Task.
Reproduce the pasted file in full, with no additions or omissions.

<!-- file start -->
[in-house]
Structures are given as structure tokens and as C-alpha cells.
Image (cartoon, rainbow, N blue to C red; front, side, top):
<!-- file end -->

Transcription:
[in-house]
Structures are given as structure tokens and as C-alpha cells.
Image (cartoon, rainbow, N blue to C red; front, side, top):